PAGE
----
Family of US police officer killed in Wexford road collision settle case for €310,000

Family Of Us Police Officer Killed In Wexford Road Collision Settle Case For €310,000
Stephen Alexander, his brother Doug jr, and their parents, Doug and Lily, died in a collision on the N25 near New Ross
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High Court reporters

The family of a US police officer who died in a road collision in Co Wexford along with his parents and brother have settled a High Court action over his death for €310,000.

The American visitors were in Ireland for a funeral when the crash happened seven years ago. The group was in a hire car and died after a U-turn was attempted on the main Rosslare to Waterford road outside New Ross, Co Wexford.


Senior counsel John Kilfeather, instructed by Caroline McLaughlin solicitor, told the High Court it was a very tragic accident

Stephen Alexander (49), a father of two, was a decorated police officer operating out of the Bolingbrook Police Department, which is in a southwestern suburb of Chicago. The proceedings, Mr Kilfeather said, were over the death of Stephen Alexander and also for nervous shock.

Stephen Alexander’s father, Douglas Alexander Sr (75), his mother Lily Alexander (75) and brother Douglas Alexander Jr (52), also from Chicago, all died in the collision with an articulated lorry on the N25 on December 4th, 2017.

The High Court proceedings were brought by Stephen Alexander’s widow, Lynn Alexander of Lemont, Illinois in the United States against car rental company Executive Trust Ltd, with registered offices at Northwood Business Park, Northwood, Santry, Co Dublin.


The company owned the car in which Stephen Alexander was travelling as a passenger and which was driven by his brother Douglas Alexander Jr at the time of the accident.

The settlement is without an admission of liability.

In the proceedings, it was claimed that the car crossed or attempted to cross the path of an oncoming vehicle, causing the collision and that a dangerous manoeuvre had allegedly been executed on the public roadway.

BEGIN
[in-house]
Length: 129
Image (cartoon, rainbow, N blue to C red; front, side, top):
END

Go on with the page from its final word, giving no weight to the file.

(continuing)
It was further claimed there was a failure to wait until traffic had passed in safety before crossing or attempting to cross the path of traffic.


An inquest in 2019 held into the death of the four Americans heard the group had travelled from the United States to attend the funeral of Lily's sister, Winifred, at Cushinstown, outside New Ross and less than 1km from the scene of the accident.

A garda gave evidence that the Alexanders had flown over from Chicago for the funeral, and they had been travelling in convoy behind relatives of theirs when the crash occurred.

The garda said both cars were doing a U-turn on the road and that while one of the cars completed the manoeuvre, the car being driven by Douglas Alexander Jnr was hit by an articulated truck while attempting the same move.

All four died at the scene after their car became trapped underneath the lorry, which had jack-knifed as it attempted to avoid them.


The lorry driver, who was driving 10km under the speed limit, said he saw a car shooting across from the left-hand side maybe 50m in front of him, and then a second car came out. He slammed on the brakes but the collision happened.

The coroner noted the driver of the car would have been at a major disadvantage having only arrived from the US a few hours previously and would not have had much rest.

The coroner said that being used to driving on the other side of the road, he may have been expecting traffic coming from the left rather than from the right, and that the driver of the lorry had done nothing wrong.

The jury returned a verdict of accidental death in each case.

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